Grain boundary deformation and damage mechanisms in intergranular crack growth of a nickel based superalloy
Aero engine disc failure has been one of the major concerns in the aircraft industries. The nature of failure is catastrophic and furthermore, the processing and manufacturing of turbine disc is expensive which makes is difficult to replace. The failure study of engine disc is concerned with long crack growth in stress concentrated areas which are subjected to various thermo mechanical loading. The objective of this work focuses on dwell time crack growth rates of ME3 (a nickel base superalloy used in aero engine disc) which can be expanded to the life predicting tools as well as understanding the nature of crack growth can further play a vital role consideration during processing to produce better materials. ^ Different experimental, analytical and numerical investigations were performed to explain the intergranular crack growth mechanism. The crack growth rates are experimentally obtained at different temperatures and dwell time in the Mechanics of Material Laboratory in air and vacuum. With the help of crack growth rates obtained and fractography images intergranular failure is observed in ME3 is explained. Furthermore, rate kinetics of crack growths in air and vacuum environment are discussed which are correlated with the various observations in the specimen after test to identify the failure mechanisms in front of the crack tip. The identified mechanisms in front of crack tip are related to grain boundary sliding and oxygen embrittlement at high temperature. The crack growth rates in ME3 are thus expressed in two models. The first model discussed is related to the kinetics of crack growth which identifies the role of stress, temperature and environment in relevance to activation energy for the fracture mechanism. A second model describes intergranular cracking which physical interpretation and critical grain boundary sliding displacement represent the failure criterion. The interaction of grain boundary sliding and oxygen atoms present results in higher crack growth rate in environment with oxygen atoms than in vacuum. ^ The nature of the crack growth above and below the observed transitional frequency is defined as cycle dependent and time dependent crack growth. Results indicate that cyclic crack growth increases with dwell time and temperature and the failure mode alters from transgranular to intergranular when the frequency of loading is below the transitional frequency. The time dependent crack growth with intergranular fracture mode in ME3 can be characterized by measuring slip band spacing. Furthermore, the observed energy of activation shows that dual mechanism of grain boundary sliding and embrittlement phenomena present in intergranular failure. The apparent energy of activation decreases with increase of crack length. The grain boundary sliding displacement increases with the temperature and the stress sensitivity decreases with the rise in temperature. The environmental effect can be characterized by concentration of oxygen atoms in the grain boundary. The concentration of oxygen atom in the grain boundary is proportional to stress and temperature. The embrittlement phenomena due to environment are the pinning of the grain boundary sliding dislocation which shortens the critical length of sliding displacements. The relaxation of stress due to grain boundary sliding alters the diffusion kinetics of oxygen in the grain boundary. ^ The major conclusions drawn are dwell time imposed at the maximum load increases the crack growth rate which switches the failure mode to intergranular. Intergranular failure has a larger slip band spacing than the transgranular failure which depends upon the loading frequency. Intergranular failure in air is due to the interaction of grain boundary sliding and oxygen atom interaction in the grain boundary. Furthermore, the intergranular failure increased with rise in temperature and duration of the loading frequency.^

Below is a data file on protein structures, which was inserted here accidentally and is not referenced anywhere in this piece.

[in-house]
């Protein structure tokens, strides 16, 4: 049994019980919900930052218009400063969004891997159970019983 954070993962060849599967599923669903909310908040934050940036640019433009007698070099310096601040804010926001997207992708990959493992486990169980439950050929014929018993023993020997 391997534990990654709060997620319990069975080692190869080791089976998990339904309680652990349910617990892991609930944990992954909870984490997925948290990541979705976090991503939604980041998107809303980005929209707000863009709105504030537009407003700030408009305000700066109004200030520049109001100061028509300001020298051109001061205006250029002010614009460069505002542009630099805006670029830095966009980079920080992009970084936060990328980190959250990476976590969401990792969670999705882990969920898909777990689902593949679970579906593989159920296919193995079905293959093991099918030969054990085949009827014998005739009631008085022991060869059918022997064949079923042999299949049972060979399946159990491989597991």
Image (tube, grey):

"Grain boundary deformation and damage mechanisms in intergranular crack growth of a nickel based superalloy"
Dissertations and Master's Theses (Campus Access).